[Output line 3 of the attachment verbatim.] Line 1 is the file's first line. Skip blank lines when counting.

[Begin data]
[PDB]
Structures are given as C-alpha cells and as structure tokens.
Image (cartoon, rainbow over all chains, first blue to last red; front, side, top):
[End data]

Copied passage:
Image (cartoon, rainbow over all chains, first blue to last red; front, side, top):